Author’s Note: This is the second of a two-part series on how generations are viewing the job market and what you can do to ensure you are well prepared for whatever comes. View part one here.
In our last post, we talked about the impact of the US economy on the job market and how concerned people are about being laid off in the next 12 months. We also uncovered some positive outcomes from the POV of employers that may come from a more balanced job market.
Today, we will address:
- What plans do generations have if they are laid off?
- What advice would members of different generations give to survive a layoff?
Why do companies do layoffs?
Bad news is bad news. But, understanding the why can help many of us mentally cope with the aftermath.
So, you may find it helpful to understand the business rationale for layoffs. And, by understanding a bit more about why companies do layoffs, you are more likely to recognize when they are coming and be proactive to avoid or even profit from them.
Overall, the 300 people we interviewed were positive about the job market despite the difficulties many companies will face because of the recession. There will be a lot of job transitions as some companies thrive while others suffer and even go out of business. Here is what a few people said,
Having built a company from zero to 200 full-time employees and having been the CEO of a 400-person firm, layoffs are a normal part of any company’s lifecycle. There are a few reasons for this:
Reason 1: Obsolete function
Healthy companies are in a perpetual state of improving both profitability and growth. Put simply, they invest in systems, people, and technology that allows them to do more with less.
Here is an example from the warehousing industry: Hiring challenges, workers’ comp, and the promise of more efficient and profitable operations are forcing companies to invest in warehouse automation. Definitionally, automation is designed to replace people. By replacing people, companies realize a significant amount of savings over time along with productivity improvements.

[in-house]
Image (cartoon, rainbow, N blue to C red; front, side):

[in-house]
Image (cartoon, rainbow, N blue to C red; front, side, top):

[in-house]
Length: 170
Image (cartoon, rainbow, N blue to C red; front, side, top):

Reason 2: Improved profits
Lower wages in other countries are driving companies to move jobs from the US. For many US companies that have 50+ employees doing a similar job function, like programming or QAing surveys, they can realize significant cost savings by moving those jobs to countries like Bulgaria or India. I know because I’ve done it. This isn’t an easy transition and is usually easy to spot if you are employee.
Reason 3: Economic downturn
This is the hardest one to cope with because employees usually don’t have visibility that there is an issue until they are laid off. And, as we enter a recession, this is what many of us will face.
In all cases, layoffs have nothing to do with the employees that are impacted. Tens, hundreds, or even thousands of your peers are losing their jobs too. You are not alone.
However, even with the knowledge that you are not alone, being laid off will likely put you on tilt. And, that is why it is important to have a plan while you are in a sane and safe state of mind.
What to do if you get laid off?
We asked 300 people what they’d recommend to those who have been laid off.
Our survey included a few video questions and here is what they said. Please note that I choose the videos that had the broadest representation of what was said. If you’d like access to this data, please email me or DM me on LinkedIn. I’m happy to share it with you.